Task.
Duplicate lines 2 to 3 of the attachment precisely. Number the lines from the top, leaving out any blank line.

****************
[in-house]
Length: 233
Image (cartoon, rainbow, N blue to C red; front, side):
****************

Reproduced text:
Length: 233
Image (cartoon, rainbow, N blue to C red; front, side):